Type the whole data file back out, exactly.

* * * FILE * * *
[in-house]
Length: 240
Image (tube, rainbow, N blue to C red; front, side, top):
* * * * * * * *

[in-house]
Length: 240
Image (tube, rainbow, N blue to C red; front, side, top):